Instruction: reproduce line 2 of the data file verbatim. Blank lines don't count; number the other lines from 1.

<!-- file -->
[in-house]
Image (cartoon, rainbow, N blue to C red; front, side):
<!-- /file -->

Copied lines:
Image (cartoon, rainbow, N blue to C red; front, side):